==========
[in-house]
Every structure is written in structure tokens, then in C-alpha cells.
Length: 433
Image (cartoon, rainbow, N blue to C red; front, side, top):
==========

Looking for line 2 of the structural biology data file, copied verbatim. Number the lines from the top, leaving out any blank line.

Every structure is written in structure tokens, then in C-alpha cells.